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Intel Ships First-Ever 6-Watt Server-Class Processor
Intel Ships First-Ever 6-Watt Server-Class Processor

By Jennifer LeClaire
December 11, 2012 1:57PM

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"While initial interest around microservers centered on the efforts of entrepreneurs leveraging ARM-based architectures and technologies, those companies are months or even years away from offering all of what Intel can deliver with the new Atom S1200 family," said analyst Charles King.
 



Today, Intel introduced its new Atom processor S1200 product family. The announcement gives Intel bragging rights on delivering the world's first low-power, 64-bit server-class system-on-chip (SoC) for high-density microservers.

As public clouds continue to grow, Intel sees an opportunity to transform companies providing dedicated hosting, content delivery or front-end Web servers. Intel designed high-density servers based on low-power processors to meet that opportunity.

"We recognized several years ago the need for a new breed of high-density, energy-efficient servers and other data center equipment," said Diane Bryant, vice president and general manager of the Datacenter and Connected Systems Group at Intel. She added that the new processor offers key data center features, like reliability and manageability.

Under the SoC Hood

The Intel Atom SoC includes two physical cores and a total of four threads enabled with Intel Hyper-Threading Technology2. The SoC also includes 64-bit support, a memory controller supporting up to 8 GB of DDR3 memory, Intel Virtualization Technologies, eight lanes of PCI Express 2.0, Error-Correcting Code support for higher reliability, and other I/O interfaces integrated from Intel chipsets. The new product family will consist of three processors with frequency ranging from 1.6GHz to 2.0GHz.

The Intel Atom S1200 product family is also compatible with x86 software commonly used in data centers. Intel said this makes possible integration of the new low-powered equipment and avoids additional investments in porting and maintaining new software stacks.

"Organizations supporting hyperscale workloads need powerful servers to maximize efficiency and realize radical space, cost and energy savings," said Paul Santeler, vice president and general manager, Hyperscale Business Unit, Industry-Standard Servers and Software at Hewlett-Packard. "HP servers power many of those organizations, and the Intel Atom processor S1200 will be instrumental as we develop the next wave of application-defined computing to dramatically reduce cost and energy use for our customers."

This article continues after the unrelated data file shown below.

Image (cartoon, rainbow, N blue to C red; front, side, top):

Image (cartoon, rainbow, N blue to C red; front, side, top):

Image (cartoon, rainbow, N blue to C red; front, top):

David vs. Goliath

Charles King, principal analyst at Pund-IT, said the IT industry loves a horse race, since it gives vendors a chance to pitch their own solutions as thoroughbreds and to portray competitors' offerings as thorough-going nags.

But, King added, the industry loves a David and Goliath story even better. That's because when the resulting brouhaha casts a spotlight on plucky start-ups and promotes them as front runners, it quenches Silicon Valley's endless thirst for self-mythologizing and also serves to benefit venture capitalists and other early-stage investors, he said.

"The ongoing interest in what have come to be known as microservers contains melodramatic elements of both of these dynamics, but Intel's launch of its new Atom S1200 processors may change that," King told us. "Why? Because while initial interest around microservers centered on the efforts of entrepreneurs leveraging ARM-based architectures and technologies, those companies are months or even years away from offering all of what Intel can deliver with the new Atom S1200 family."

Intel is already working on the next generation of Intel Atom processors for extreme energy efficiency codenamed "Avoton." Available in 2013, Avoton will further extend Intel's SoC capabilities and use the company's leading 3-D Tri-gate 22nm transistors, delivering world-class power consumption and performance levels.

The Intel Atom processor S1200 is shipping today to customers with recommended customer price starting at $54 in quantities of 1,000 units.
 

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